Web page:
North Carolina Botanical Garden

Certificate in Botanical Art & Illustration


Our Certificate in Botanical Art and Illustration program is designed to provide a comprehensive education in botanical art and illustration to people who wish to improve their skills in drawing and painting plants, with a focus on southeastern native plants, in an accurate and technically detailed manner. Studies leading to the certificate will enhance the experience of both the professional and the dedicated amateur botanical artist in producing artistic and scientific images. The program is designed to give students a well-balanced curriculum combining basic scientific background, visual arts theory, and practical experience using various media.


Classes are taught by NCBG staff and other area art and botany professionals. Many classes require homework assignments. The amount of time students need to spend on homework varies and usually ranges from five to 15 hours per week for each course. Actual practice time in class is limited, so additional hours spent at home are both necessary and beneficial. Time invested in homework will result in personal artistic growth, and satisfactory achievement in any course requires both time and commitment.


Successful completion of the program requires passing grades in 13 core courses and three elective courses as well as submission of an Independent Final Project. Course offerings and scheduling are designed for graduation within a three-to-five-year period.


The certificate is a valuable addition to the resumes of students in pursuit of professional work in botanical or scientific illustration. This program is aligned with the NCBG Certificate and Advanced Certificate in Native Plants program, with which it shares some courses.


For more information about the program, see the BAI Handbook below. Questions? Contact the Registrar at


Program Details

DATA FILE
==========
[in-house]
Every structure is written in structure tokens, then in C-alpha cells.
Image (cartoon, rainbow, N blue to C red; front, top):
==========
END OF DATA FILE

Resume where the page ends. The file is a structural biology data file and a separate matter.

Click here to open the 2021-2022 BAI Handbook.


Click here to view upcoming Botanical Art & Illustration courses.


Core courses:

Beginning Drawing

Beginning Watercolor

Beginning Colored Pencil


Intermediate Drawing

Intermediate Watercolor (Traditional or Expressive)

Intermediate Colored Pencil

Integrating Composition and Color Theory

Pen and Ink

Advanced Watercolor (Traditional or Expressive)

Advanced Drawing: Botanical Plates


Botany for the Artist

One seasonal local flora course (Spring, Summer, Fall, or Winter)



Electives (Choose three):

Field Sketching


Advanced Colored Pencil

Pen and Ink: Media Explorations

Mixed Media: Botanicals in Watercolor, Colored Pencil, and Pen & Ink


Light on Form

Plant Taxonomy

For current students:

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FEE: $100 enrollment fee covers administrative costs for five years; courses will entail additional fees. Students must be at least 18 years of age to enroll. Non-refundable.


Registration is open continuously.


What is Botanical Illustration?

Conventional scientific botanical illustrations are usually created to accompany descriptive text, where the primary function of the image is to provide information and to 'educate' the viewer. Although aesthetics may be of secondary importance here, the illustrator still has some freedom to implement visual considerations. Although the uncolored line drawing (pen-and-ink or graphite) provides the most clarity and detail, and is still the best way to describe newly discovered species, botanical illustrations may also be done in color (watercolor or colored pencil).


Botanical illustrations have traditionally been used to illustrate botanical taxonomy articles, where a botanist or horticulturist often dictates which parts of the plant will be illustrated. The illustrator usually has access to live plants, pressed herbarium specimens, and a microscope for viewing plant structures, such as branching stigmas, leaf pubescence, or capsule chambers. The plant is traditionally measured and drawn on a 1:1 scale and placed on a white background.

In botanical art, the artist has more freedom to make personal visual choices, to draw the viewer in and evoke an emotional response. Although more emphasis may be placed on aesthetic considerations, the image, however, remains scientifically and botanically correct. The image is still represented on a 1:1 scale and is placed on a white background, favoring true color representation for identification purposes. A botanist examining the image should be able to identify the plant and find no anatomical inaccuracies.


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